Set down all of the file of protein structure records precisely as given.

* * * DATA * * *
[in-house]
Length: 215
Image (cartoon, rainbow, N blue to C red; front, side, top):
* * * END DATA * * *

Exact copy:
[in-house]
Length: 215
Image (cartoon, rainbow, N blue to C red; front, side, top):